Table of Contents
- Running Tests
- Test Structure
- Types of Tests
Testing is an important part of pyatv and there are a lots of tests. The intention is not to have full test coverage, i.e. 100% line coverage (since branch coverage is not supported). The reasoning behind this is that it costs too much when it comes to maintaining the tests and the benefits too low. This does not mean that it is OK to not test, it just means that some parts might be easier to inspect manually rather than writing tests for. If the code is easy to test, it should be tested!
NB: Tests are being re-written to
pytest-like tests, instead of using regular
unittest tests. You might see a mix of variants until the work is done, see #443.
For running tests, please see Development Environment.
All tests reside in
tests and follow the same structure as in the code directory (
AirPlay tests can for instance be found in
tests/airplay. Most tests are regular unit tests, but there are also functional tests that tests pyatv on interface level (see Types of Tests for more details). They have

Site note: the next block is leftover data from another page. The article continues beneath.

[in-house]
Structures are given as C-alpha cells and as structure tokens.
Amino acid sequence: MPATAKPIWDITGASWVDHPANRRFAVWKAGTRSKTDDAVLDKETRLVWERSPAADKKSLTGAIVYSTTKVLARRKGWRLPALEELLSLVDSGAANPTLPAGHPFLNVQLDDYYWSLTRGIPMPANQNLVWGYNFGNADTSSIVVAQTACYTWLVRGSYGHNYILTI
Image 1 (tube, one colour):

functional in their file names:
|File name||Test Suite|
||Common tests that are identical to all protocols (i.e. inherited)|
||Functional tests for
||Functional tests for
||Functional tests for
||Functional tests for
||Functional tests for MDNS|
||Functional tests for scanning routines|
Generally, if something protocol specific is to be tested it should be added to the protocol specific test suite. But ideally, as many test cases as possible should be added to
common_functional_tests.py as this will make sure the interface is identical for all protocols.
Fake Device and Usecases
Testing on interface level, i.e. using the same interface as a developer using pyatv would, comes with the big benefit of flexibility. It allows for great freedom when changing code internally within pyatv without breaking a lot of tests, so that is why these kinds of tests are preferred. They are called functional tests in this context. Some details are however hard to test using functional tests, so unit tests can be used in those cases.
For functional tests to work, pyatv needs something to connect to. For this reason a fake device is used. It acts like a real devices, but takes a lot of shortcus, implement limited functionality and are only meant to be compatible with pyatv (for now). The fake device starts web servers or open TCP ports, depending on what the protocol uses and the test then sets everything up and connects to it. It short, it looks a bit like this: